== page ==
The petroleum formations, referred to as “trends” and “plays,” in the Williston Basin have over two hundred active rigs and are presently adding about 1800 wells per year. The Bakken formation encompasses some 200,000 square miles of western North Dakota, eastern Montana, southern Saskatchewan and Manitoba.
The US Energy Information Administration in November last year projected that by December 2013, North Dakota and Montana oil output would exceed one million barrels a day. In December of 2012, the Bakken wells of Saskatchewan exceeded 71,000 barrels a day.
The amount of natural gas and crude departing the Bakken formation on a daily basis far outstrips the petroleum shipping infrastructure. Aged rail beds and tanker cars, put in service in 1964, and which were designed to haul fertilizer, transport much of the crude.
On July 6, 2013, a 74 car oil tanker train derailed in Lac-Megantic, Quebec carrying Bakken crude, resulting in a multi-tanker derailment, with fires and explosions killing 47 persons and burning some 30 downtown buildings.
On Monday afternoon, December 23, 2013 an eastbound Burlington Northern Santa Fe tanker train with 106 crude oil cars struck a derailed westbound soybean train about a mile west of Casselton, North Dakota. According to a preliminary report by the National Transportation and Safety Board, 18 of the 20 oil tankers that derailed ruptured and exploded in a spectacular fire and black smoke plume near the town of 2300 persons which lies 25 miles west of Fargo. The entire community was evacuated for about 24 hours, and no one was injured.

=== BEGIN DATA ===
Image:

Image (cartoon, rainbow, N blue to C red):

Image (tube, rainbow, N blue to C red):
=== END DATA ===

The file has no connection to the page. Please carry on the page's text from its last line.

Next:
Casselton’s fire chief, Tim McLean, told the New York Times for an article appearing January 25 that, had the oil train tankers derailed in town, “There’s virtually no way we could protect these buildings [downtown retail stores and homes],” given the presence of a large propane supply tank, which would erupt “like a bomb.” Two gasoline stations and a lumber yard would potentially add to the conflagration, as would ignited crude entering storm sewers.
Adrian Kieffer, an assistant fire chief, told the New York Times that he’d spent 12 hours at the fire west of town and returned home that night to tell his wife, “let’s sell our home and move.”
The North Dakota derailment was at least the fourth North American oil train derailment and explosion in 2013. The New York Times reports that about two thirds of the Bakken crude is shipped by rail, which courses through such highly populated areas as Milwaukee, Chicago, St. Louis, and Kansas City.
Since March of last year, 10 large oil spills occurred in the US and Canada. Citing federal records, the Times reports that railroads spilled 800,000 gallons of crude oil from 1975-2012.
In data from the Pipeline and Hazardous Materials Safety Administration and analysis done by McClatchy Newspapers, oil rail carriers spilled over 1.15 million gallons of crude in 2013 alone, which includes about 400,000 gallons spilled at Casselton.
The operative fossil fuel policy for America’s capitalist class is to extract the maximum amount of crude oil, natural gas, and coal from wherever on the earth it can be most readily obtained at the least financial outlay to big business. Such a policy is at the opposite pole of a rationally and scientifically planned use of world resources, striving first and foremost to meet humankind’s worldwide social and energy needs.